Friday, May 11, 2007

Underappreciated Mothers

Yesterday, I posted about hating Mother's Day. Well, I really don't hate everything to do with Mother's Day. I think that mothers have a difficult job, so I wanted to give you a different post on the "work eve" of Mother's Day.



It seems to me that mother's don't really get a fair shake.

Think about this "ledger sheet" that might reflect some year of mine in the mid-80s:

Mom stayed up with me much of the night because I was really sick with some virus. I remember her wiping my brow with a damp washcloth. She changed the channels on the television for me. For those of you who don't remember, there was a time when all televisions did not have remote controls. I felt so sick, so weak, so pitiful.

My Mom comforted me, and for Mother's Day, I made her a clay ash tray.

As a high schooler, I was learning about love. Not the love of middle school where you kiss a boy, get a carnation on Valentine's Day and write his name in your spiral notebook. Not that those were not good times, but when you go further, when you talk about futures, about your pasts, about what you like. In short, it is when you start to focus beyond yourself, to another person. The puppy love is mostly about you. Adolescent love is about you, but it is also about the other person. Mom listened to me as I figured this out.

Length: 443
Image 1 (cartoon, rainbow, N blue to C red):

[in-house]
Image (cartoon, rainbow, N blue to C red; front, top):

My Mom listened to me, and for Mother's Day, I made her a clay ash tray.

Since my mother spooned strained peas into my mouth, my Mom made me almost every breakfast and dinner until I was out of high school. Nearly every meal on the weekends. That is about 13,000 meals. She made them with love and without complaining. And, you know, after being married and making meals for longer than I want to admit, I cannot believe that she did not ever feel like complaining. And in this year, she was teaching me to cook as well as further cementing our mother-daughter relationship. It is so much easier to talk about boys when you are cooking a meal.

My Mom cooked for me and taught me how to cook, and for Mother's Day, I made her a clay ash tray.

She did so much for me, and for Mother's Day, she got a clay ash tray. Actually, I gave her a clay ash tray years before, and she loved it. No, she did not smoke, but she loved the ash tray. That's what a mother is all about. She does not keep track on a ledger sheet, she just mothers. Happy Mother's Day to all mothers out there!

12 comments:

Dr. Deb said...

That was a lovely post, Leesa.

LarryLilly said...

In 1914 President Woodrow Wilson declared that Mother’s Day should be celebrated as a national holiday on the second Sunday in May.

Its easy to say happy mothers day on the second sunday in May, but its more important to understand what Leesa said, that every day should be happy mothers day.

However in some households, SWMBO (she who must be obeyed) run a very tight ship, and you BETTER tell her she is a good mother every day, or else you will wish you were never born LOL